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Author Topic: fixing a truck for a Millwaukee St. Louis  (Read 2865 times)

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« on: March 19, 2014, 01:01:19 PM »

Bought a Williams Milwaukee St. Louis GP7 still in the box never apparently opened off e-bay.   First time I try to run it a wheel falls off.  Cry  I pushed it back on but it still comes off.  I think this was first produced in the 90's So I have no idea if it would be covered by a warranty so my question is can I find a new W.R.L  F-7 A-4 truck to replace this one or can I, as an old fellow down at the train club said, just use some Super Glue and carefully glue the wheel to the shaft?  Huh? Roll Eyes   


Joe Satnik

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« Reply #1 on: March 19, 2014, 05:19:30 PM »


Can you post pictures of the loco, the box, and the box end flap with model description?

If not, can you give a link to the auction?



Joe Satnik 


If your loco is too heavy to lift, you'd better be able to ride in, on or behind it.

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« Reply #2 on: March 20, 2014, 11:49:44 AM »

I doubt you will have any warranty as the Williams item is too old. You would do better to try a home repair, try to use locktite glue as it holds better then super glue does.
I don't buy from ebay any more Angry

With all the Williams engines I have bought, about 12 now, I never had a wheel fall off. Even with the Crown Edition engines I never had problems.

Lee F.

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« Reply #3 on: March 20, 2014, 03:36:31 PM »

Hi WestCelt,

         671 here. Your challenge seems to be one of two reasons that the wheel does not stay onto the axle.

1.     The bore hole within the wheel hub is oversized.
2.     The axle shaft was not knurled.

       The wheel stays onto the axle by friction originally. The bore is slightly smaller than the shaft end.
       I would try to replicate this friction using one of two methods.

       Top of my list would be to use either strands of steel from a steel wool pad or strands of fine copper from multi-strand thin gauge wire.

       I would place as many strands as needed through the hole in the wheel. Leave excess strands outside the rear of the wheel. One dot of supperglue to hold their position. Press the wheel onto the axle using my bench vise with paint stirring sticks as a protector between vise jaw and wheel set. Press to correct width, then take a sheetrock knife and cut the excess wire off from behind the wheel. Job complete!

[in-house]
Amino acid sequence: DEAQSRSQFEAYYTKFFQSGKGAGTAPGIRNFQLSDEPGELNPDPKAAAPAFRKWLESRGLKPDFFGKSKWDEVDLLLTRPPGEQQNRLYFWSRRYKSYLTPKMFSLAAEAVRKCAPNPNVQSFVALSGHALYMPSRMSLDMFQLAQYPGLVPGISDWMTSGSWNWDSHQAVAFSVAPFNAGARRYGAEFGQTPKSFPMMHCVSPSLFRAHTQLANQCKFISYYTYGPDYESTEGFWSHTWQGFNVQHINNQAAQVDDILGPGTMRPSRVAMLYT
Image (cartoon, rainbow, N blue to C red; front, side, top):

Second choice would be to squeeze the end of the axle in my bench vise to oblongate it's shape. This would make up for the loose fit.

        If I needed to do this type of repair, I would use the wire style repair. I feel it would have the much sort after results.

                                       Good luck!...671

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« Reply #4 on: March 20, 2014, 10:23:49 PM »

Very good information on how to replace the wheel. I really learned something. I never thought about either method but I really like the wire one for sure. Thank you for this great information.  Smiley

TCA 01-53554

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« Reply #5 on: March 21, 2014, 08:21:13 AM »


            You are quite welcome.

            I hope WestCelt gets his GP7 up and running.

« Reply #6 on: March 21, 2014, 01:59:49 PM »

WC: could you mean Minneapolis & St. Louis?  If so, that's a newer model/road name and the ebay seller should have included the warranty card for you.  Just a thought.
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